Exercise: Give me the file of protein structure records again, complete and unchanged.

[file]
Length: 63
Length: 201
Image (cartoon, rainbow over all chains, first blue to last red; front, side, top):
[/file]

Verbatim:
Length: 63
Length: 201
Image (cartoon, rainbow over all chains, first blue to last red; front, side, top):